Canada Government asks miners to ‘Crush It’ with new challenge

Canada’s government, through Natural Resources Canada, has challenged the mining industry to come up with a new clean technology solution that cuts energy consumption for crushing rock.

The C$10 million ($7.6 million) “Crush It! Challenge” is aimed at tackling the disproportionate amount of energy used in mining to extract valuable minerals, NRC said, while helping the country transition to a low-carbon economy.

The process of crushing mined rock has not fundamentally changed in more than a century; consumes more than 50% of the total energy used in a mining operation; is the industry’s largest operational cost; and is a major contributor to greenhouse gas emissions from mining, according to the NRC.

“Finding and advancing innovative solutions that reduce energy use for crushing and grinding mined rock will reduce pollution, improve productivity and help our mining industry become more competitive,” the NRC said.

The 25-month Crush It! Challenge, will see up to 12 semi-finalists selected to pitch their concept at Goldcorp’s #DisruptMining event in March 2019 – an event that coincides with the Prospectors & Developers Association of Canada convention. A ‘Challenge Jury’ made up of key experts from the Canadian mining sector will select the top six finalists, who will each receive up to C$800,000 to build and test their cleantech solution. The Challenge Jury will, ultimately, choose the best breakthrough clean technology and award the winner a C$5 million prize grant.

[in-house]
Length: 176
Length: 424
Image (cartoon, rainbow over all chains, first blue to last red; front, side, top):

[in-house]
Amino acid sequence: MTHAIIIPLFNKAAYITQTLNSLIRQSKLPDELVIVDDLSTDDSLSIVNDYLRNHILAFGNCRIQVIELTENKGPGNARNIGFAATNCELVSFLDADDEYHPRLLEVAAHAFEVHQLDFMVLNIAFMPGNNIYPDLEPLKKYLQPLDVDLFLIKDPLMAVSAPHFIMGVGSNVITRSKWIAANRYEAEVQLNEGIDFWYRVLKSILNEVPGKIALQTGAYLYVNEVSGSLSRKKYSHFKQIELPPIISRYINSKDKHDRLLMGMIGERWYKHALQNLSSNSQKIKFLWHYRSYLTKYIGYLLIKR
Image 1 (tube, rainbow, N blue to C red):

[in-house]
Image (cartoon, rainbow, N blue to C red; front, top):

“This initiative will mobilise new ideas from inside and outside the mining industry to modernise an important energy consuming process and will grow the cleantech sector to enhance Canada’s mining innovation ecosystem as part of the Government of Canada’s efforts to transition to a low-carbon economy,” the NRC said.

For this challenge, the NRC will be collaborating with Goldcorp and the Centre of Excellence in Mining Innovation (CEMI), two industry champions who will spread the word on this unique initiative and enable its success.

The Crush It! Challenge is the fourth of five clean technology challenges under the NRC’s Cleantech Impact programme, part of Impact Canada. It is part of the government’s commitment to deliver meaningful results for Canadians through measurable economic, environmental and social outcomes. Cleantech Impact will invest C$75 million over four years in the five challenges.